Chapter VII

The First Interview Of The Armenian Prelate With Jevdet Bey


The treacherous murder of Ishkhan and his companions had created an atmosphere of terror and hopelessness. In order to counteract this demoralizing wave, the Defense Command resolved, during its session at noon, on April 17th to arm the defending forces and have them occupy their posts on around-the-clock alert, without exposing themselves. In this connection it was deemed necessary to get in touch with Aikesdan and get their views and recommendation. Bishop Yeznig was requested to go to the governor to verify the death of Ishkhan and find out what his intentions were. The prelate gladly volunteered and left alone.

He returned very late, causing us anxious moments and was extremely agitated.

He said he found the governor in a very nervous mood, busy with peremptory commands and arrangements. After saluting him, I immediately asked if it was true that Ishkhan had been killed? He was the man Your Excellency sent to Shadakh in company with Vefic Bey to establish order.

“I planned it that way myself. They were to be arrested, if they resisted arrest, my orders were to kill them and that is what happened at Hirj village,” replied Jevdet, adding, “Do you think I could allow a few young men to play with the fate of the whole country? Besides, he was not aiming to establish peace but wanted to further incite trouble and to massacre the Kurds. He said as much to me yesterday while visiting me with Vramian.” “I have not been to Shadakh for a long time and would like this opportunity to go there and hunt for bears,” Ishkhan told me. “I have learned Armenians often refer to Kurds as bears,” finished Jevdet, in a very angry tone.

“Your Excellency,” I replied, “Ishkhan was sent on this mission by your order. Why deceive him and have him treacherously killed. You are the governor of this province and such base acts do not behoove a governor. Contrary to your own father’s efforts to promote peace and progress in this land, your own aim seems to be to wreck it. Please remember your late father, Tahir Pasha, and the Many good deeds he did here as governor. As his son, please abstain from doing things that would blemish his cherished memory. Let bygones be bygone. I have come to seek ways to improve the situation. I am more than willing to do my share and entreat you to do likewise. As a token of your good will, please release Vramian”. Jevdet interrupted me at this point with an emphatic, “No, that is impossible and it is useless to talk about that. This very night, he will be on his way to Constantinople. I swear, upon my honor, that no harm will come to him.”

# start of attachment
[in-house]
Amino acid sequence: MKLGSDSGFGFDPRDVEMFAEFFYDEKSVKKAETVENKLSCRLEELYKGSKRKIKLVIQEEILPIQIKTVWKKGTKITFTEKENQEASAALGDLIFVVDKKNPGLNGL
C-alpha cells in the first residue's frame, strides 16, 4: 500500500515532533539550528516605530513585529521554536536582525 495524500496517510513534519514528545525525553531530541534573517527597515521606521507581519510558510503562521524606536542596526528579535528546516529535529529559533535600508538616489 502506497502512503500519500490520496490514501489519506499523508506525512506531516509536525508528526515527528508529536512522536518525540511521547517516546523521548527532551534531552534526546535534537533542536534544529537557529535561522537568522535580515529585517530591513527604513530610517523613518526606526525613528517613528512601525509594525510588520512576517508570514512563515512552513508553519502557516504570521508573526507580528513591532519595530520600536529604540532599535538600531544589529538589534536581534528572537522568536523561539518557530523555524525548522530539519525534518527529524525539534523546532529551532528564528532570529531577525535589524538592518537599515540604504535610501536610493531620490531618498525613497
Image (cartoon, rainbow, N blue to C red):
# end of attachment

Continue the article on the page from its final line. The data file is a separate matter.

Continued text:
I tried to emphasize the salutary effects the release of Vramiam would have on the disturbed situation in Shadakh and on relieving the tense situation prevailing in the City and Aikesdan.

“That is impossible,” shouted Jevdet. “Think of what you can do for yourselves here. Shadakh is going to be punished. I have already sent telegrams ordering all Kurdish clans in the south to attack and punish Shadakh and leave it in complete ruins.”

Finding it useless to argue with a madman, I took leave. I am very pessimistic. That man is going to sack and massacre Van. Let us deliberate on what can and ought to be done. Bishop Yeznig left greatly agitated.

Towards evening, traffic was forbidden on the road to Haigavank. Later a group of mounted men were seen galloping away followed by a carriage, surrounded by some two hundred cavalry, advancing towards the port of Avantz. This was the way the deputy from Van, the courageous and inimitable leader, Vramiam was led to his death. On the way from Bitils to Diarbekir, the guards accompanying Vramiam killed him on the bridge across Bohdan River and threw his body into the waters below.


★ ★ ★ ★


Priest Hovhannes was requested to visit Aikesdan on April 18th and deliver to Aram our report relative to the interview between Yeznig and Jevdet. Later that morning, Mr. Jemil Effendi, with three policemen called on the Prelate for private talks. On behalf of the governor, Jemil demanded that the school building at Haigavank and Arark be made available for the billeting of soldiers. Bishop Yeznig replied that authority to do so resided in the City Council and that under the existing conditions it was not possible to call a meeting. Soon after Jemil Effendi had left the Police commissioner, Mugurdich Kara Sefferian came to demand the keys to the school building. If he was refused, he said, Jevdet threatened to break down the doors. Bishop Yeznig reiterated the fact that he lacked authority but if Jevdet wanted to force his way, that was his business. We learned soon after that Turkish soldiers had forcibly occupied the school building at Haigavank.

Priest Havhannes, our messenger, returned in the afternoon. He said there is feverish activity at Aikesdan. The situation is pregnant with grave danger and the people wish to be ready for any surprise actions by the government. Aram is very depressed. He has instructed that the defenses be manned and to wait in readiness.

A majority of the Armenian inhabitants of Haigavank poured into the city the same day. Some found lodgings with relatives and the rest were housed at the Diramer church and the school building.